Blog Posts Process Analysis

What Best Practice Looks Like

Blog: Biz-Performance, David Brown

What Best Practice Looks Like

Systems & Management Teams finalise & sign-off benefits case

  • The benefits case illustrates the potential range of benefits available from addressing the customer’s issue. It is indicative rather than prescriptive and is based on hypothesis and assumptions. It is used as a decision making tool for the executives.
  • The benefits case during the is an integral part of the customer buy-in process by appealing to the rational side of the business decision by quantifying deliverables.
  • Customer validation and sign-off is important throughout the project
  • The project team will produce a full audit trail for benefits case calculations. This will include:
    • hypotheses made
    • assumptions made
    • extrapolations from sample data
    • sign-off by Organisation
    • anticipated timings of benefits
    • steps to realise benefits
    • confirmed baselines

The project team discuss with the customer what constitutes an early success (e.g. time-frame, value) and agree priority opportunities

Confirmation from BP&I (Business Process and Implementation) Lead regarding feasibility of delivery of benefits

  • The BP&I Lead is accountable for delivering the benefits in the benefits case
  • The Team Lead must therefore take an active role in the development of the benefits case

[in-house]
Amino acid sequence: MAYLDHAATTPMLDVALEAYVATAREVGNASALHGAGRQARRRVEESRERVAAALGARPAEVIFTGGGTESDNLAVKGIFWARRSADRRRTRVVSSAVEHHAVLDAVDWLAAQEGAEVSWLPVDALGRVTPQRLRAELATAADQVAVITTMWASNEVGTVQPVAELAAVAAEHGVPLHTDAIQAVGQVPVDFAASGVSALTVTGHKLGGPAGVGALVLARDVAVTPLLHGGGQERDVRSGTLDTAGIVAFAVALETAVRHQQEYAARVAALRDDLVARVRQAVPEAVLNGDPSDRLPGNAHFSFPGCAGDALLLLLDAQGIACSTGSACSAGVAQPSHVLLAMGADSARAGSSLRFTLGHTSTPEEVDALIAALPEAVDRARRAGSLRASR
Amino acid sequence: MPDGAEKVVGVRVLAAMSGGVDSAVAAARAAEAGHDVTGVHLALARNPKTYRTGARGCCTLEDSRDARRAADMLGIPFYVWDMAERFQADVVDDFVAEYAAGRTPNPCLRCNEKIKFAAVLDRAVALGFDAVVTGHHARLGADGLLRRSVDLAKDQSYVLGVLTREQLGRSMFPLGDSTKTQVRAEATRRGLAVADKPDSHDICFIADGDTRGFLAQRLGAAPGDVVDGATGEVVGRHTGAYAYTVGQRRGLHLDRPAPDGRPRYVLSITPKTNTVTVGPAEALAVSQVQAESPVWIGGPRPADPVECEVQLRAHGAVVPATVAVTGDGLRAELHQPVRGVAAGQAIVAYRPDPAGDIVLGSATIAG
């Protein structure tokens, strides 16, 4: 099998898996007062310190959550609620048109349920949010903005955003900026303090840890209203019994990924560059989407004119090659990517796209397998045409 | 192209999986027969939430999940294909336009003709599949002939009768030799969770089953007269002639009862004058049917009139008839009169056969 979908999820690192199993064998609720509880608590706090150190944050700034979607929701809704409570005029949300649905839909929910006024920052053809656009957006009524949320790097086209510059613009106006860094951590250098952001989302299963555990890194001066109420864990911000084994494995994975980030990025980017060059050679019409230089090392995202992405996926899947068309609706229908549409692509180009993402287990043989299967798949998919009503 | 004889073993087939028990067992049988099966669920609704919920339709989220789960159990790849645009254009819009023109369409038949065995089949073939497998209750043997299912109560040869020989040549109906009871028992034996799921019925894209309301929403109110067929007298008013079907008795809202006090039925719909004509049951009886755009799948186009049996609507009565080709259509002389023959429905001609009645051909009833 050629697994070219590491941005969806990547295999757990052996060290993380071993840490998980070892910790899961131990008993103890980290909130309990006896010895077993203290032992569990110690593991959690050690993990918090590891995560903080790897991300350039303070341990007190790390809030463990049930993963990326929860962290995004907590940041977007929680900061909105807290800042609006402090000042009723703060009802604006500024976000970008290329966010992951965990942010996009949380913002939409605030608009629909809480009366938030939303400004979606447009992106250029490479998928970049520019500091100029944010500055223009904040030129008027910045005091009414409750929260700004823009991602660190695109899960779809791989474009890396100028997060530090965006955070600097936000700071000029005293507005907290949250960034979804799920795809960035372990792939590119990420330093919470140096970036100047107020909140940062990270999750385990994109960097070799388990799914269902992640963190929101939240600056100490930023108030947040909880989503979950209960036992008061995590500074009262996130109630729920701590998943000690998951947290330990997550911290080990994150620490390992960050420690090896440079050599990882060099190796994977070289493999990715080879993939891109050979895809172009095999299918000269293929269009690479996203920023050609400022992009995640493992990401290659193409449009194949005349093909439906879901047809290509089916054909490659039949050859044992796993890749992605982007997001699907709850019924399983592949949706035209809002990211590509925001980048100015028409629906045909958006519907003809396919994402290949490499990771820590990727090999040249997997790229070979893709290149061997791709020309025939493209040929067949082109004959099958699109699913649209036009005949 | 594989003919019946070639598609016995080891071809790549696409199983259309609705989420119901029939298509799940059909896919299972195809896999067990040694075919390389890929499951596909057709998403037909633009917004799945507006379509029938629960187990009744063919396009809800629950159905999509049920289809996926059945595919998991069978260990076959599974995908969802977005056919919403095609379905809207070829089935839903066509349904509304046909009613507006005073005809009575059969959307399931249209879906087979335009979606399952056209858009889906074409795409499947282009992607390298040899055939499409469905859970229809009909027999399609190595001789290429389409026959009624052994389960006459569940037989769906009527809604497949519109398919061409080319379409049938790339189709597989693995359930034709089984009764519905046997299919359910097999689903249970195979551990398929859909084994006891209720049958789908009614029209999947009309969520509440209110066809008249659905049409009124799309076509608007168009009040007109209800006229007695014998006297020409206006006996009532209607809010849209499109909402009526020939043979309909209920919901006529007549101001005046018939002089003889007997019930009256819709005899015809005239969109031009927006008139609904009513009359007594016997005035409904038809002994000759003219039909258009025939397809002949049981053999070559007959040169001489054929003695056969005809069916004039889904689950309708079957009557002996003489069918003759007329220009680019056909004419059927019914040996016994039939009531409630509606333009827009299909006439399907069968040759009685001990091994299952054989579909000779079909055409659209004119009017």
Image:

• Key role for BP&I Lead is:
    • validation of savings
    • acceptance of achievability in BP&I

Handover of benefits case to BP&I Team

  • Only top level figures should be presented offering a range of benefits and leaving flexibility to find the different proportions of benefits from each work-stream
  • No benefits are included which are unclear or inherently undeliverable
  • All finalised benefits will be robust:
  • agreed baseline numbers
  • detailed assumptions behind the cost and benefit quantification
  • evidence to support assumptions, calculations and observations
  • risks attached to the realisation of each benefit
  • clear indication of the Organisation sign-off and validation
  • the programme plan and benefit linkages
  • The findings and benefits case must be clearly documented and backed up with a detailed and referenced audit trail indicating how figures have been computed and what assumptions have been made
  • The BP&I does not start until the BP&I Lead accepts the benefits case. Once having taken over the S&M benefits case, the BP&I Lead has full accountability for its delivery. That accountability will be delegated to the Workstream Leads for their workstream’s contribution to the overall benefits case
  • Handover of the benefits case should start early (ie well before the end of the S&M) otherwise the benefits case becomes a ‘fait accompli’
  • The S&M Benefits Case Lead will work with the BP&I Lead and Benefits Tracking Lead until the benefits case is accepted
  • Risks associated with each potential early success are investigated

Set up tracking and reporting mechanisms

  • Benefits tracking and reporting is essential for those work-streams that are identified as producing quantifiable benefits (financial and non financial)
  • Benefits tracking and reporting highlights and quantifies successes and stimulates continuous improvement
  • Benefits tracking and reporting ensures expectations of performance improvement are met by: